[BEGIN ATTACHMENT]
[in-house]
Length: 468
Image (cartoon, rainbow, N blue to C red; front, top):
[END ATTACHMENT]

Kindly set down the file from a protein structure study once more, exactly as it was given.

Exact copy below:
[in-house]
Length: 468
Image (cartoon, rainbow, N blue to C red; front, top):